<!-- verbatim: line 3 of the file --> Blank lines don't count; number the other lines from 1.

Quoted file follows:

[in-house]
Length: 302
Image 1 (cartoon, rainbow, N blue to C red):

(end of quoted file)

Image 1 (cartoon, rainbow, N blue to C red):